Frequency analysis has been the most widely used tool worldwide to dimension water-related infrastructures and evaluate flood risks. The concept of stationarity has been a common and practical hypothesis in hydrology for many years. However, in recent decades due to climate change pressure and changes in land use, it has been related to the presence of time-series trends that in hydrology indicate non-stationary effects. In this sense, the need to comprehensively address non-stationary frequency analysis has been identified. This study proposes to incorporate the non-stationary flood frequency analysis into the dimensioning process of road structures with the following objectives: i) evaluate the effect of land use on peak flow in a simulated period of 129 years, ii) evaluate covariates related to land use, and iii) evaluate covariates related to climate change. To this end, road drainage simulation exercises were carried out in three sections of the Ibagué-Cajamarca road located in Colombia. Likewise, the Generalized Additive Models for Location, Scale and Shape was implemented for the non-stationary analysis, and covariates related to climate variability were included, such as El Niño-Southern Oscillation indices (ONI12, ONI3.4, MEI, and SOI), and the Pacific Decadal Oscillation (PDO) index, as well as some related to the evolution of land use such as hydraulic conductivity, soil water storage in the root zone, and infiltration capacity represented in the curve number. The results indicate that the non-stationary analysis improves the prediction of maximum flows, and it is possible to obtain road drainage dimensioning that adjusts to climate and land-use variations.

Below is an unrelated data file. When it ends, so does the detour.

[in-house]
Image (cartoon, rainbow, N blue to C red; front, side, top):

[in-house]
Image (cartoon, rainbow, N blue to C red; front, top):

Keywords: Capacity road drainage structure; Climate change non-stationary effects; Maximum runoff simulation; Modeling land-use change; Non-stationary flood frequency analysis NSFFA.
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